Photographing Your Chickens
PUBLISHED: 11:37 25 July 2013 | UPDATED: 11:37 25 July 2013
Tips to help you take great photos of your birds - supplementary info to the magazine feature
About the authors
Stuart and his wife Gabrielle live on their three-acre permaculture smallholding in Brittany. They grow fruit, vegetables and firewood, raise sheep, pigs, chickens, ducks, rabbits and bees and rent out their holiday cottage.
Clive Egginton is a senior lecturer in photography at Leeds Metropolitan University. www.cliveegginton.com
In our article ‘Photographing Your Chickens’, we said that your photos need to be in focus and hi resolution. We wanted to go into a bit more detail here to help you sort those out on your own camera. You will need your cameras manual; if you can’t find it, they’re usually available to download for free from the Internet, just search “(camera make and model) manual”.
A low resolution image, of say 150kB, is certainly good enough to look bright and clear on your computer screen and ideal (i.e., not too big) to send in an email but the printed page requires lots more information to render a high quality glossy image, so you need to make sure your camera is set to its highest resolution. You might have to access this through the camera’s menu or it might have its own dedicated button; it should be called “image size” or “picture size”. You want to set it to its maximum setting possible. This will allow you or the editor to crop the image later to get the best composition and still retain high quality.
There’s another hurdle to overcome if you want to submit your photos to the magazine: some mail clients (Microsoft Outlook, Apple’s Mail or Mozilla Thunderbird, for example) can automatically resize any photos you send. If you’re submitting photos to YC for publication, you’ll have to make sure the email is set up to send the images ‘actual size’.
Be aware also that your Internet server possibly has an upper limit on message size (mine only allows 2MB per message) so you might want to sign up to something like Dropbox (free at www.dropbox.com) to share your full-size photos with the magazine.
Luckily for us, modern digital cameras are very good at focussing automatically. What they can’t necessarily do is guess what bit in the frame you’d like in focus. With two subjects side by side, the camera may well focus on what’s in the middle. If that is something in the background the intended subjects may well be out of focus.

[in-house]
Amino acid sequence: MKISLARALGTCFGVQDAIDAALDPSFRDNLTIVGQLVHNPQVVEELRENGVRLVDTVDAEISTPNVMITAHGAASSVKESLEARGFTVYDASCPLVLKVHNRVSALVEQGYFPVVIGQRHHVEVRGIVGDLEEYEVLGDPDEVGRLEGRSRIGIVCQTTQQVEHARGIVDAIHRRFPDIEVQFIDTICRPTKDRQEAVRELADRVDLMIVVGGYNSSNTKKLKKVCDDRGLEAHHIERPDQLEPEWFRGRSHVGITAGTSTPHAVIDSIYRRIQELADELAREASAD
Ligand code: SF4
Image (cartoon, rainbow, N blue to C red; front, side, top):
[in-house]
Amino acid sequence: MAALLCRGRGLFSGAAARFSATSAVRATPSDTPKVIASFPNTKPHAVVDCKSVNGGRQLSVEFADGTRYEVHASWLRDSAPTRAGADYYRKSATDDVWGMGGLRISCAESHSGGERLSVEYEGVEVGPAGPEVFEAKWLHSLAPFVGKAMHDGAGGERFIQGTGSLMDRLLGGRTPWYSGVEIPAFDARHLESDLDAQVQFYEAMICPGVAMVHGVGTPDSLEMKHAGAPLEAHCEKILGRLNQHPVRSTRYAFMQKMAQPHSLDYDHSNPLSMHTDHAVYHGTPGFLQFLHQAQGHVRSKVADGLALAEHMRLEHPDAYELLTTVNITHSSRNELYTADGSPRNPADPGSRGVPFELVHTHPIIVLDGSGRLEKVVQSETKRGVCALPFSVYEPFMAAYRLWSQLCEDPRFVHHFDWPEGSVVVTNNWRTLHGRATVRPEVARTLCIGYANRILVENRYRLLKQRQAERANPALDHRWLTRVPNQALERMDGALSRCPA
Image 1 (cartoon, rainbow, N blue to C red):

There’s more than one way to solve this but it will involve you studying your camera and its manual again. Cameras have different focus settings. A ‘multi’ setting will intelligently try to search for something to focus on over the whole area; face recognition is a step further, as it will seek out human faces to focus on. One trick is to set the camera to spot or central focus, so you can tell the camera exactly what you want to focus on.
You need to give your camera time to focus before you shoot. What this means is a progressive squeeze on the trigger. Halfway down and the camera should beep and give you a green square or cross to confirm focus has been found. Squeeze all the way and the photograph is taken. Once you’ve got used to this half/full squeeze, you can use it to your advantage with the camera set to spot focus.
Aim the central cross/square at the thing you want to focus on (say, the eyes) and squeeze halfway; when focussed (turns green and beeps) don’t release your finger and, keeping the trigger half pressed, recompose the picture, then shoot.
If your camera allows you to focus manually, you could pre-focus on a point and wait for the chicken to arrive, perhaps tempted by some food, and then just click.
Depth of field
This photo by Clive uses a very shallow ‘depth of field’, which means that only a very shallow plane is in focus but behind and in front of the eyes are blurred. If you want more or all of the frame to be in focus, then you need a much greater depth of field. If your camera allows, you can set the aperture to be smaller otherwise the zoom set to wide angle will see a lot more of the shot in focus than telephoto.
Strong sunlight can create harsh shadows; one answer is to set the camera to flash (even though it’s not actually dark), which will ‘fill in’ or light up the detail in these shadows. If your camera allows (consult the manual) reduce the power of the flash when used as ‘fill in’, that way it doesn’t kill the mood of the natural light.
By reading the manual, getting to know your camera and practicing these techniques, you will soon find that you instinctively know how to set your camera up in any given situation and take better photographs.